Austin Pushes Businesses to the Brink with Potential 15 Percent Levy Hike
Minnesota’s high income and business taxes put our state near the top of the least taxpayer friendly states in the union. But some local tax levy rates can be just as onerous, even in Greater Minnesota.
Tonight, for example, the Austin City Council will consider approving a nearly 16 percent hike in the local levy. Much of the burden falls on small business owners, who told the Austin Daily Herald they’re already stretched to the breaking point.
Randall Fett currently owns 12 commercial properties in Downtown Austin. Some of his tenants include George’s Pizza, Rydjor Bike Shop and Heartman Insurance.
And like some commercial property and business owners in Austin, he has concerns about the proposed 15.7 percent tax levy increase.
“Taxes can make or break a small business,” he said. “Small businesses pay so much in taxes, it’s crazy.”
Wants, not needs, appear to account for much of the $932,000 proposed levy increase from $500,000 for a study of the city’s wage and job classification system to a new community rec center.
Property taxes are based on valuation and classification of the property, with commercial/industrial properties paying 3 ½ to 4 times what residential property owners pay. An increase of 15.7 percent in 2019 would equal a $396 increase for a commercial property valued at $281,500, a $503 increase for a commercial property valued at $347,300, and a $1,558 increase for a commercial property valued at $997,900.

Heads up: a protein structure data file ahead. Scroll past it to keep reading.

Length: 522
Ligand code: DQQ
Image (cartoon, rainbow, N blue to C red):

Austin Area Chamber of Commerce Director Sandy Forstner has expressed concern about the consistency with which the tax levy has been increased, pointing out it will be a 60 percent increase in the span of four years.
“People think it’s not a big increase, but this is on top of all of the other taxes,” Fett said. “I used to run Ooh-La-La for four years and the taxes were crazy. That’s one of the reasons I closed that business. It got to a point I wasn’t making a profit. It seemed like everything went to taxes. I finally called it quits. It wasn’t worth the hassle.”
Other business owners in town may not be far behind.
Fett said that he pays more in taxes than most people make in a year. Any increases in taxes are passed on to the businesses that lease his property. The increases, he said, do not come without complaint.
“Businesses are trying to survive and make a profit and everything cuts into them,” he said. “I don’t know if any of them will leave based on that, but I know they won’t like it.”
One of Fett’s tenants is Lisa Deyo, who owns Sweet Reads Books and Candy on Main Street.
“Speaking as a small Main Street business in its first years of operation, I am overwhelmed by the constant cost of maintenance, taxation, and general expenses of running a business in an aging building,” she said. “We (small businesses) are continually reviewing our budget lines and adjusting, which I do believe and have faith that our city council members are doing. Sandy (Forstner) certainly brings to light many concerns about this levy. Where is that double-digit levy going to come from? My bottom line.”
Regardless of how the city council votes, the Austin’s tax levy will have risen more than 50 percent in the last four years. The city’s motto of “growing together” seems to apply more to the city budget and tax levy and the key city bureaucrats’ salaries: City Administrator ($138,507),
Public Works Director, ($118,643) and Director of Administrative Services ($114,275).